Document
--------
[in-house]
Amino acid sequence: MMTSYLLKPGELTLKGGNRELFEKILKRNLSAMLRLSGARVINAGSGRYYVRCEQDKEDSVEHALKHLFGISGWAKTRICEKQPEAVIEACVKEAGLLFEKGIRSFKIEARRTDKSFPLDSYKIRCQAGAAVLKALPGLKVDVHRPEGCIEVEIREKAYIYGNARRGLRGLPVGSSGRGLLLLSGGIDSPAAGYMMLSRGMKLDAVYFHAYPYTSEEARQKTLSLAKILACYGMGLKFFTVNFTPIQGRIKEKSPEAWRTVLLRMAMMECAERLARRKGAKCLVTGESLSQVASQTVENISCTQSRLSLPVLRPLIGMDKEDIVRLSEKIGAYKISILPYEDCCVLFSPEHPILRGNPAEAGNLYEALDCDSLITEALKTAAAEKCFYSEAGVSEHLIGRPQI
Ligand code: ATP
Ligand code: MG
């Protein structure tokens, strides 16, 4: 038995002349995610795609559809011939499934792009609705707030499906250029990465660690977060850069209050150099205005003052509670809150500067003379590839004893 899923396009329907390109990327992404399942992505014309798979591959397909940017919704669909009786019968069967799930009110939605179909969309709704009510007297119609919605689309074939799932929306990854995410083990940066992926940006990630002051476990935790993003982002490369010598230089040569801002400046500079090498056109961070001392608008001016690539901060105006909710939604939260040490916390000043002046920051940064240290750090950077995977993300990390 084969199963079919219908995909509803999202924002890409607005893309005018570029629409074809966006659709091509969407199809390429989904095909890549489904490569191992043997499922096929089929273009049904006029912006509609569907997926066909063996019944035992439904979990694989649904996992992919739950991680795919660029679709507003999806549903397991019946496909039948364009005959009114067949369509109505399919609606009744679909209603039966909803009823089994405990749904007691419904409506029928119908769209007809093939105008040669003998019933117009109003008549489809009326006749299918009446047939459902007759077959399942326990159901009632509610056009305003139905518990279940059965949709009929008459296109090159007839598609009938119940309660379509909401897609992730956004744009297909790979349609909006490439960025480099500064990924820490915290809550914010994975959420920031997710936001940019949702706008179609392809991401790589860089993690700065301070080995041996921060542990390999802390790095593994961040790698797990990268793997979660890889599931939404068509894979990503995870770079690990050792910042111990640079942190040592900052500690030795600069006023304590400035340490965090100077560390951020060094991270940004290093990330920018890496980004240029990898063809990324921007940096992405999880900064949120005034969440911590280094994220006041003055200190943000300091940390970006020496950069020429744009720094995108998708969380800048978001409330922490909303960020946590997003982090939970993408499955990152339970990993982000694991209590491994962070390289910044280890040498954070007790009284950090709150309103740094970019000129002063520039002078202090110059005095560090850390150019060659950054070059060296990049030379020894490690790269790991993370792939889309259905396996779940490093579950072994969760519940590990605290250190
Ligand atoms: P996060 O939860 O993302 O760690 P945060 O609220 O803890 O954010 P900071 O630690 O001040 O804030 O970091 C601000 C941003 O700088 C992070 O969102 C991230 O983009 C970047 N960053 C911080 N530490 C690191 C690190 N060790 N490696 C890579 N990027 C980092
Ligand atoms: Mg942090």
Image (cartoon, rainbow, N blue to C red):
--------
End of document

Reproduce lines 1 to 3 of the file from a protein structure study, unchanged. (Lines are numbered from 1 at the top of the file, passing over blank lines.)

[in-house]
Amino acid sequence: MMTSYLLKPGELTLKGGNRELFEKILKRNLSAMLRLSGARVINAGSGRYYVRCEQDKEDSVEHALKHLFGISGWAKTRICEKQPEAVIEACVKEAGLLFEKGIRSFKIEARRTDKSFPLDSYKIRCQAGAAVLKALPGLKVDVHRPEGCIEVEIREKAYIYGNARRGLRGLPVGSSGRGLLLLSGGIDSPAAGYMMLSRGMKLDAVYFHAYPYTSEEARQKTLSLAKILACYGMGLKFFTVNFTPIQGRIKEKSPEAWRTVLLRMAMMECAERLARRKGAKCLVTGESLSQVASQTVENISCTQSRLSLPVLRPLIGMDKEDIVRLSEKIGAYKISILPYEDCCVLFSPEHPILRGNPAEAGNLYEALDCDSLITEALKTAAAEKCFYSEAGVSEHLIGRPQI
Ligand code: ATP